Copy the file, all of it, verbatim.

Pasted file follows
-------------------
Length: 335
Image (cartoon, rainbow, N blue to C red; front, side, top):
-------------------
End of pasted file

Length: 335
Image (cartoon, rainbow, N blue to C red; front, side, top):